Pronominal Choices in Mandela's Speech at The International Day of Solidarity with the Palestinian People: A Critical Discourse Analysis

Abstract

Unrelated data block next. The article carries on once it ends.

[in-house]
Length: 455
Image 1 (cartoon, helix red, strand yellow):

The present study aims to offer a linguistic evaluation of Nelson Mandela’s speech at The International Day of Solidarity with the Palestinian People on the 4th of December 1997 in Pretoria and its mode of engagement with the context of its discursive situation. The study follows Critical Discourse Analysis (henceforth CDA) to investigate pronominal choices made by Mandela in his speech and to what extent such choices help in creating identity, power and solidarity. It discloses how President Mandela uses pronominal forms, as a rhetorical device, in his speech to construct various identities to convey his political and humanistic stance, and solidarity with the Palestinian people. It also investigates how those pronominals used by the speaker operate as linguistic indicators of inclusion and exclusion. This notion of clusivity is very much related to the way these pronouns express inclusionary and exclusionary reference to the actors presented in a discursive presentation of reality in a soci-political context. Therefore, the speaker is capable of establishing a representation of the self and placing the discursive actors either inside or outside the deictic centre in particular historical and socio-ideological circumstances. The use of Fairclough’s (1989) three-tier analytical framework, i.e., description, interpretation and explanation help reconstruct the message and the ideological power of the speech. The study casts light on the relationship that Mandela (the addressor) establishes with the audience (the addressee), whom the speech is addressed to. The results show that pronominal choices made by Mandela in his speech helped him as creator of solidarity and as a persuasive strategy as well.